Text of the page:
Bears are beautiful. They’re cute, strong, amazing – even funny – animals…from a safe distance. But “bear climbs tree stand” doesn’t sound quite so cute. What happens when a bear joins you on a bowhunt? It starts by climbing your tree…and then this happens:
After the bear rockets up the tree with a few soft grunts, it gets eyeball-to-lens with his video camera. It then sniffs around to assess the situation before descending and walking away. Seconds later, the frazzled bowhunter turns the camera on himself, tells us exactly how he feels about the encounter – and then records the bear walking toward a cub several yards away.
That guy isn’t the first – and he won’t be the last – bowhunter to share his tree stand with a black bear. Fortunately, most of these encounters end without harm to the hunter. Occasionally, though, the hunter suffers bites or clawings.
A Mother’s Love
Dr. Karl Malcolm, a wildlife ecologist with the U.S. Forest Service, has studied black bears in Wisconsin and sun bears in China. He reminds hunters that attacks by black bears are rare. “If you’re hunting deer or elk in bear country, and you see a bear, it’s usually just a cool, memorable experience,” he said. “The vast majority of these encounters are thrilling. Bears usually try to avoid people. Most black bear attacks are just bad luck. You’re in the wrong place at the wrong time, and make the wrong move. It’s a crapshoot.”
Geeked-Out Bear Trivia
When black bear attacks do occur, they can often be explained by sows – mama bears – protecting cubs that unintentionally put the hunters between themselves and their mother. But black bears occasionally climb trees and ladder stands simply to check out hunters or the stand platforms.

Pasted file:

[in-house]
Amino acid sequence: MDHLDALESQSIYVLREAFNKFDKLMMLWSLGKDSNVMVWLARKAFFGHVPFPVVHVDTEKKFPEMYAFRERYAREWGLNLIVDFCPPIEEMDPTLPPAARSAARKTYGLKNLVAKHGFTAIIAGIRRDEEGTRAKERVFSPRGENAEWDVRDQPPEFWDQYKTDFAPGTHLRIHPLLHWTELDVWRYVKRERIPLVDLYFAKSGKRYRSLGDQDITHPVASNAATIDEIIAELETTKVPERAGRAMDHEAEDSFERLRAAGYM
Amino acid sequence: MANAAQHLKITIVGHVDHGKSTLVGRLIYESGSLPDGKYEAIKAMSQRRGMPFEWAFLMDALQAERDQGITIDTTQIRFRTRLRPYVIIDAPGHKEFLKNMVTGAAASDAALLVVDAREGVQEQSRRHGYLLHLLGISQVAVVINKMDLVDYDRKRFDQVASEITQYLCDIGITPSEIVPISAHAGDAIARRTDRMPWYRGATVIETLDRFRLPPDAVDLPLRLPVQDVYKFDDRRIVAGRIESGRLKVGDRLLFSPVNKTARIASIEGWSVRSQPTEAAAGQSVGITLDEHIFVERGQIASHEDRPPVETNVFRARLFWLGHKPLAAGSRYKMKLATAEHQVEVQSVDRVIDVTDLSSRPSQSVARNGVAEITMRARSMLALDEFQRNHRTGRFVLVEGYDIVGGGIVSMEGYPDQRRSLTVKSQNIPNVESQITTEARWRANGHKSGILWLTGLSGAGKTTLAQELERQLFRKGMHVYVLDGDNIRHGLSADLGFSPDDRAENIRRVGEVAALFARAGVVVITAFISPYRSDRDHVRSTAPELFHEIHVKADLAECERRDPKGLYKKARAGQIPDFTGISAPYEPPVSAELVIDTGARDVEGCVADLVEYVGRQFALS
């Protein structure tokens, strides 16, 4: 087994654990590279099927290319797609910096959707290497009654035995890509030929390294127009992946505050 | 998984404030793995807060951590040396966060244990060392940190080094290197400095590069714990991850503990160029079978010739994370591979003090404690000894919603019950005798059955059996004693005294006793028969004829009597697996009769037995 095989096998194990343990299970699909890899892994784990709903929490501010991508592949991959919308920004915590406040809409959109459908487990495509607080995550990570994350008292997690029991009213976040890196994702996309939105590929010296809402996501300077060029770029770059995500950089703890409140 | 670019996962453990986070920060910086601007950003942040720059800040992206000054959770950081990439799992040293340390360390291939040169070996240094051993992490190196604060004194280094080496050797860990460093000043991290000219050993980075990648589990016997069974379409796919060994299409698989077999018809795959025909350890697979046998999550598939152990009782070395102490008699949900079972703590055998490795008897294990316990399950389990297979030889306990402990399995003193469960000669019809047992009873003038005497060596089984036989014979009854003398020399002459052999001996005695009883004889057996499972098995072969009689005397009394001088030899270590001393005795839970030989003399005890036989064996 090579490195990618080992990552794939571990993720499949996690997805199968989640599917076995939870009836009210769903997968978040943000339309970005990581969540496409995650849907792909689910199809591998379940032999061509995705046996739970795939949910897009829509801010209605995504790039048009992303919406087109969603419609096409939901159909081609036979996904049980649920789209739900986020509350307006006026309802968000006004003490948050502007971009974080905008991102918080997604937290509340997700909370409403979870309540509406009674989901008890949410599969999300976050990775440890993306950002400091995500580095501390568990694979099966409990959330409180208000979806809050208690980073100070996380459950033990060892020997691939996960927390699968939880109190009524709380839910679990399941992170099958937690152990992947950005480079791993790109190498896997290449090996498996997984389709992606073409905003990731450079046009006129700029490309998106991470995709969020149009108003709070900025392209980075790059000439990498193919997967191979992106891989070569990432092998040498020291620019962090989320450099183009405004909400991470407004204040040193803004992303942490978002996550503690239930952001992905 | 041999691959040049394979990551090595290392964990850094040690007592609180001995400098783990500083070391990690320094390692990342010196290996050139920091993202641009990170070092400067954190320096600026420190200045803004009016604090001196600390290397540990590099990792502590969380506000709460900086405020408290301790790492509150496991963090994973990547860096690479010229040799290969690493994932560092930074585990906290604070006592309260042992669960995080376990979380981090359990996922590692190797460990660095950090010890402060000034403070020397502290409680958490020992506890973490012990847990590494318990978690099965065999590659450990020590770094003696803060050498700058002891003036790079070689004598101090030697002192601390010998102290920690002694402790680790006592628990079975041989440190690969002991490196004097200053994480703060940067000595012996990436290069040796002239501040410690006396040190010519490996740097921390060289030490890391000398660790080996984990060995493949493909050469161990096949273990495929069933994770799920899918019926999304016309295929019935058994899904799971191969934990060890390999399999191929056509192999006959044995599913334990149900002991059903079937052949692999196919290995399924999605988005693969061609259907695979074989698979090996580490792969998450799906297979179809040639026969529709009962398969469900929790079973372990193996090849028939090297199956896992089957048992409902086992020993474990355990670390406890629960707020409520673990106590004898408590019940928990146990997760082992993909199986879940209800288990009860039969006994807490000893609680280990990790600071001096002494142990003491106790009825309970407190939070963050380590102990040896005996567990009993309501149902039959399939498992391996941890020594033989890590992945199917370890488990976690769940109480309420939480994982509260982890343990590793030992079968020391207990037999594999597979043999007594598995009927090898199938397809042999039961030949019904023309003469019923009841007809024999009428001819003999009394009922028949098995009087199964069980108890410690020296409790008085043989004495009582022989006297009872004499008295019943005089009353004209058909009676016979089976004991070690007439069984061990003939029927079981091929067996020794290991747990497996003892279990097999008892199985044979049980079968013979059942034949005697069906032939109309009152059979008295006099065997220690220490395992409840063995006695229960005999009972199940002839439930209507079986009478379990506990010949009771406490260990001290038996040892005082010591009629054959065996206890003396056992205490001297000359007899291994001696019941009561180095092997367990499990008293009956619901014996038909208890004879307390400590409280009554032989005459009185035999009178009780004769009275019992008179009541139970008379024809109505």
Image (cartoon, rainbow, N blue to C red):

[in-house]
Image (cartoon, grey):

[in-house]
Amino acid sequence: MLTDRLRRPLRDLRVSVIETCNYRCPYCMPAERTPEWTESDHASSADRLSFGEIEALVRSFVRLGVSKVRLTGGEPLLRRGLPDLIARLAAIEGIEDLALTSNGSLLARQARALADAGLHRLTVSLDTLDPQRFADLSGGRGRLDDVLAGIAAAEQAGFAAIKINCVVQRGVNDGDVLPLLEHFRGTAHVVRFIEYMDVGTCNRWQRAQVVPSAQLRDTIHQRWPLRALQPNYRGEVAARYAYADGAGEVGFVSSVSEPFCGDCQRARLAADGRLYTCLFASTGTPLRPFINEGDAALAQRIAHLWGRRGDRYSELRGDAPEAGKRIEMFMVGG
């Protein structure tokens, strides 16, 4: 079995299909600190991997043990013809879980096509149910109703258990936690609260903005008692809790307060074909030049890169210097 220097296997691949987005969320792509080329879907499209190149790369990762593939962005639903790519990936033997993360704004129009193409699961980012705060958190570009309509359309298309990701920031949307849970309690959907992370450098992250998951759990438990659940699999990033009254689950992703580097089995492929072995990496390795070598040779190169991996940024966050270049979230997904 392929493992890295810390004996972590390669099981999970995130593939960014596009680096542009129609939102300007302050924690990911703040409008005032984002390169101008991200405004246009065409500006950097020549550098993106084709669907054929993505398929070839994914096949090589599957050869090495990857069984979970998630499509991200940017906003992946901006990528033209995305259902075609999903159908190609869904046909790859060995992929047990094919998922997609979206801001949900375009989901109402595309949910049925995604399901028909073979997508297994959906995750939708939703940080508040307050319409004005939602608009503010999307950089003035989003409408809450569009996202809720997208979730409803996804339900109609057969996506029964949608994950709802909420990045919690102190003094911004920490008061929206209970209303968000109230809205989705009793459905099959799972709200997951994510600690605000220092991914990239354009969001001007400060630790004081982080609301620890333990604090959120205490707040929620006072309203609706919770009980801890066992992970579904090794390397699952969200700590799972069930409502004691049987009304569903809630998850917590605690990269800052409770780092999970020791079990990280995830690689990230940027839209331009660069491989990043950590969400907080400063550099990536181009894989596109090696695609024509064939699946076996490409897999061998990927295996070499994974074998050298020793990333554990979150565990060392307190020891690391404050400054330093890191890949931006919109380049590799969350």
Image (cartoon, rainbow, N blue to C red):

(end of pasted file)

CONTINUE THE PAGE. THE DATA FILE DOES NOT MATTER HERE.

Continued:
Curious omnivores. Dr. Karl Malcolm, a wildlife ecologist with the U.S. Forest Service, has studied black bears in Wisconsin and sun bears in China. He said the bears’ omnivorous diet – meaning they eat meat, fruit and vegetables – makes them curious by nature. “No food is off limits to black bears, so it pays for them to be curious about their surroundings and check things out,” Malcolm said. “If they smell food, candy or something else a hunter is carrying or left behind, they’ll investigate it. If you have an interesting scent on your boots or gloves, it’s conceivable a black bear will climb the tree or ladder to your stand to find the scent’s source.”
How come the bear in that video climbed the tree so fast?! Unlike North America’s other bears – polar bears and brown bears – black bears are well-equipped with curved, relatively sharp claws to climb trees. Their paws are also flexible and dexterous, which aallows them to open screw-top jars and thwart door latches.
Human-like paws are always handy. When skinned out, bear paws look remarkably like human “paws.” When asked to elaborate, Malcolm said: “I’ve talked to game wardens in Alaska who investigated kill scenes of brown-bear attacks, and they’ve momentarily mistaken black-bear remains as human when finding what’s left of the feet. They didn’t realize their mistake until finding more bones that were clearly from a black bear.”